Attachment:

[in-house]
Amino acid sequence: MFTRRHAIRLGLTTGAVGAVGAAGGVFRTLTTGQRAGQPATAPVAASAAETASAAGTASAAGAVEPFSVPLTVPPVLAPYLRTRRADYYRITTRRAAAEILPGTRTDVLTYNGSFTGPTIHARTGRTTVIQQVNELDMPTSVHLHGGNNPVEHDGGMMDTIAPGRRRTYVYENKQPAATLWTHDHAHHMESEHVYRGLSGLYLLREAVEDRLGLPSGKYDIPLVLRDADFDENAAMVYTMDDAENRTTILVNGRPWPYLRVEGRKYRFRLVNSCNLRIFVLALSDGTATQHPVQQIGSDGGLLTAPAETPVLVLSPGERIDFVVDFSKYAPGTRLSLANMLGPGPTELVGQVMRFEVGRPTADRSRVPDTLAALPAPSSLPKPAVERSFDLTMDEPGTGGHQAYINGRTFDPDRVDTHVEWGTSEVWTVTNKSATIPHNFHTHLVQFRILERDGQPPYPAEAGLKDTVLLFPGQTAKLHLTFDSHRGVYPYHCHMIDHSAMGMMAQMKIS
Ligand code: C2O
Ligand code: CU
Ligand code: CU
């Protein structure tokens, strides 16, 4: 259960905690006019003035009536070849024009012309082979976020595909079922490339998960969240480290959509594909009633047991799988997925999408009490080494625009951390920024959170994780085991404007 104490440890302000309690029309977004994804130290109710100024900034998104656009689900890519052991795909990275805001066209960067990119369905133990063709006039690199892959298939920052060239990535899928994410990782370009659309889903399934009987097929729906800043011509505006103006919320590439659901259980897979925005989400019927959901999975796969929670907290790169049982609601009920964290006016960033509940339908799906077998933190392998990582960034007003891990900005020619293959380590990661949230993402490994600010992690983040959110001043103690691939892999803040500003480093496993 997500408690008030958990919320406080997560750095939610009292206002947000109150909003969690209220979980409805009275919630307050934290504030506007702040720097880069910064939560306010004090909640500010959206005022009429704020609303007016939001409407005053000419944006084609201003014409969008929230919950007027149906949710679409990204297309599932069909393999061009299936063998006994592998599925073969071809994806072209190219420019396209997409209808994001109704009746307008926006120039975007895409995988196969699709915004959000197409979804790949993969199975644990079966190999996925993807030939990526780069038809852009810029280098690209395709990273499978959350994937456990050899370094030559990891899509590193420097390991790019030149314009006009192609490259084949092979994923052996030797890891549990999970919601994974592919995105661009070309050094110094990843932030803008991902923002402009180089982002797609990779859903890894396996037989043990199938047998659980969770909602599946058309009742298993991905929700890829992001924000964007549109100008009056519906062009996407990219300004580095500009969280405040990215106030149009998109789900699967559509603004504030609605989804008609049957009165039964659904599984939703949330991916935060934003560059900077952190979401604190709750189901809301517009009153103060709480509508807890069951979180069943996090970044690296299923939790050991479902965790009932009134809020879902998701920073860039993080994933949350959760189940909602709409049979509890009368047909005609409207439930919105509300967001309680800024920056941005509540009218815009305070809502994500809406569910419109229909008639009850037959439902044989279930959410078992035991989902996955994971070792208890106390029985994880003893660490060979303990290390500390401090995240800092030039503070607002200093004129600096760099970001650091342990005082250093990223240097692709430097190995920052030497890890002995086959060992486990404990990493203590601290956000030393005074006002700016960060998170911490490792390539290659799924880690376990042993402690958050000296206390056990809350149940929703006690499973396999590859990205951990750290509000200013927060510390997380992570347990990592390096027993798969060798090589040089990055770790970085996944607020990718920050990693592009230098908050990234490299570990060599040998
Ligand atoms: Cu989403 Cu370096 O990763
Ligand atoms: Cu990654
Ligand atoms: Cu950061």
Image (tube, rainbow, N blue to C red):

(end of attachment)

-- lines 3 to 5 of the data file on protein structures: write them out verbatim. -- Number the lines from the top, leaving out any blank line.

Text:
Ligand code: C2O
Ligand code: CU
Ligand code: CU